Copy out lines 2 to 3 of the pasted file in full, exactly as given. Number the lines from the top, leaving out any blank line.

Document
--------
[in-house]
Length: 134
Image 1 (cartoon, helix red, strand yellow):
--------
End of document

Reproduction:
Length: 134
Image 1 (cartoon, helix red, strand yellow):